Effects of farmland management on functional ecomorphology of pollinator assemblages
Lead supervisors: Dr Richard Davies
Location: School of Biological Sciences, University of East Anglia
Duration: 8 weeks
Suitable undergraduate degrees: Biological Sciences, Conservation Biology, Ecology, Environmental Sciences, Zoology
The pollination of crops and wildflowers in agricultural landscapes is an important ecosystem service under threat from agricultural intensification. Agri-environment schemes aim to mitigate the negative impacts of farming on biodiversity. In the case of pollinators, these schemes have included the establishment of field margins to boost floral resources available to pollinating insects and to enhance pollination services. Floral enhancements have largely targeted bees, especially bumblebees. Nevertheless, uncertainty remains around their effectiveness for other important pollinator groups, including hoverflies. Hoverflies are a highly diverse insect group, with wide inter-specific niche variations influencing both their responses to anthropogenic environmental changes and contributions to ecosystem services.
Functional eco-morphological trait-based research on pollinator species can aid our understanding of the mechanisms linking farmland management schemes, pollinator assemblages and pollination services. Hoverfly traits such as length and form of structures of the proboscis are known to correlate with inter-specific variation in the proportions of pollen and nectar in the diet, and in pollination efficiency (Doyle et al 2020). Yet availability of ecomorphological trait data across hoverfly assemblages occurring in UK farmland landscapes remains relatively sparse. Such data are needed to provide a more mechanistic understanding of assemblage-wide responses to farmland management.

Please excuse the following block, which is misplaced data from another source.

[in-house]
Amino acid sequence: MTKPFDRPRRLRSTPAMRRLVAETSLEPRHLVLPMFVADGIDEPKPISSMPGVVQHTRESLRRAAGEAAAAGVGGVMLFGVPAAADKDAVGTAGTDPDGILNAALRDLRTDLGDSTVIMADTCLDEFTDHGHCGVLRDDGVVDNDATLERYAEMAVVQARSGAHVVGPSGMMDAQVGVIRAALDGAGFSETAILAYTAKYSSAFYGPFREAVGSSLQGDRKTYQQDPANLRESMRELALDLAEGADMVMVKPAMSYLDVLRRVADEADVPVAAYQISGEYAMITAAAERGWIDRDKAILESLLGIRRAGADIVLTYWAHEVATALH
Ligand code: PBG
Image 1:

This internship project aims to contribute to a wider project on understanding the influence of floral enhancement of arable field margins on functional structure of pollinator assemblages. The internship will focus on hoverfly assemblages and will fulfill three key objectives: (1) the measurement of functional morphometric and dietary trait variables of hoverfly species previously sampled on arable field margins; (2) integration of morphometric data from objective (1) with available online data on functional traits of the same hoverfly species; (3) use of data collated via the first two objectives in a statistical analysis of the influence of field margin management treatment and landscape variables on functional and ecomorphological structure of hoverfly assemblages. Specifically, the analysis will investigate effects on traits predicting dietary preference (pollen versus nectar) and implications for pollination effectiveness.
Additionally, it is intended that the internship will include a short fieldwork component during which the intern will gain experience of pollinator field surveying methods. This is contingent on the evolving national covid-19 situation and ongoing relaxation of social distancing restrictions affecting fieldwork transport arrangements.
Applicants should have a developing interest in community and conservation ecology and in ecological entomology. Desirable aptitudes include: a meticulous and methodical approach; good team-working and communication skills; initiative and independence. All necessary training will be provided.
Doyle, T. et al. (2020) Pollination by hoverflies in the Anthropocene. Proceedings of the Royal Society of London, Series B 287: 20200508. http://dx.doi.org/10.1098/rspb.2020.0508